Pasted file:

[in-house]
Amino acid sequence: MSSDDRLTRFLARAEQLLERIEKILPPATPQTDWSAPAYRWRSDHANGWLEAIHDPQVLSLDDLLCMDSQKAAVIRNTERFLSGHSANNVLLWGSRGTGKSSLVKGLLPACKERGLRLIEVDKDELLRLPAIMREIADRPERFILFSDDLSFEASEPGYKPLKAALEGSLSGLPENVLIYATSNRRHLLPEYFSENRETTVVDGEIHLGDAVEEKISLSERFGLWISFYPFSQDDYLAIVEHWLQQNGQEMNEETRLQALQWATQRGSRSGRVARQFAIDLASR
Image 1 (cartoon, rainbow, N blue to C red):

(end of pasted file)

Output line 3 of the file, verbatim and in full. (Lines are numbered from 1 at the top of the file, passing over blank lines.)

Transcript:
Image 1 (cartoon, rainbow, N blue to C red):